Contrary to popular belief and a headline that I will not blame CBS’s Jon Solomon for, the SEC never “banned” graduate transfers. The SEC rule passed back in 2011 and likely prompted by Jeremiah Masoli’s transfer from Oregon to Mississippi after being dismissed from the Ducks football team was that transfers who had graduated were not immediately eligible under the NCAA’s various graduate transfer policies unless they had at least two seasons of competition remaining. The goal was to make sure that graduate transfers had additional time to work toward an actual graduate degree.
The SEC had established waiver criteria but the waiver process meant that SEC coaches had to wait before they could confidently tell a transfer prospect that they would be immediately eligible. The SEC has made that waiver an exception now, which can be applied on campus (I wonder where they got that idea), but with a twist:
Once the transfer comes to an SEC school, the rule requires the player to make progress toward a graduate degree. If that doesn’t happen, the university won’t be able to apply the grad-student exception in that athlete’s sport for three years.
The definition of “progress toward a graduate degree” is critical. The NCAA’s progress-toward-degree rules for graduate students are minimal. A graduate student merely has to be enrolled in a full-time graduate program and pass six hours each term. There is no minimum GPA, annual hour requirement, or percentage-of-degree standard. That is a minimal bar and gets right at the SEC’s biggest concern: football players coming in as graduate transfers for one semester and never completing a single graduate credit.
If the SEC is asking for significantly more than the NCAA’s minimum, then the penalty looms much larger. If the SEC wants graduate transfers to complete 12–15 graduate hours, bringing in football players in their last season of eligibility will be a significant risk, even if they meet all NCAA requirements. Anything beyond that would make it virtually impossible to bring in any football player with professional ambitions not to mention expand the risk of losing the exception to basketball.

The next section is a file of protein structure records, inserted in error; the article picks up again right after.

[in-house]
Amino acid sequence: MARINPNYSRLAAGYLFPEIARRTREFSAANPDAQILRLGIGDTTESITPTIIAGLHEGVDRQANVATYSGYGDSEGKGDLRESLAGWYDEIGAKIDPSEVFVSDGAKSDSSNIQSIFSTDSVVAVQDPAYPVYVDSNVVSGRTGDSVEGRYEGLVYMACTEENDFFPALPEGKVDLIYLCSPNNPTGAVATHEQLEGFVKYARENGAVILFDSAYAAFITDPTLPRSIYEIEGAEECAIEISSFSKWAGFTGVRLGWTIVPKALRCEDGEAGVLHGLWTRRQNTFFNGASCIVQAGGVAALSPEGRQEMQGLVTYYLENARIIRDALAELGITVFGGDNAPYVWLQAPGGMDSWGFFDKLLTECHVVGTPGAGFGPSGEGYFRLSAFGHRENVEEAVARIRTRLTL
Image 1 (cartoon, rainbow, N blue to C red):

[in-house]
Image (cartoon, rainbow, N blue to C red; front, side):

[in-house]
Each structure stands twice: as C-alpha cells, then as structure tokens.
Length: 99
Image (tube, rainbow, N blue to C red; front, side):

The penalty the SEC chose deserves scrutiny as well. Like the APR, the penalty for the academic failings of some athletes will land on athletes who had nothing to do with the shortfall. But in the case of the APR, that failing is more collective. It takes more than one athlete falling ineligible to draw an APR penalty. If the SEC wants a “zero tolerance” policy perhaps an individual penalty on the coach, like a significant suspension, is more appropriate. Coaches still have an option to bring in graduate transfers as the missing pieces to a championship team every four years and ignore their academic progress with no real penalty.
The carrot might have been better than the stick in this case. The SEC’s existing waiver criteria make a lot of sense, limiting the transfer exception to not just athletes who graduated but those who did without disciplinary or academic issues. Perhaps a requirement that an immediately eligible graduate transfer be guaranteed financial aid to come back and complete their degree (currently allowed under NCAA rules) would balance the desire to make graduate competition in the SEC meaningful with the (currently limited) freedom an athlete earns by completing the basic academic obligation of earning a baccalaureate degree.
With more and more noise about the power conferences looking at transfer rules as a significant initiative and reasoning for autonomy, perhaps the SEC will be saved from itself. Significantly looser general transfer rules like expanding the one-time transfer exception to all sports would mean the SEC’s graduate transfer rules would be invoked only rarely if they are maintained at all.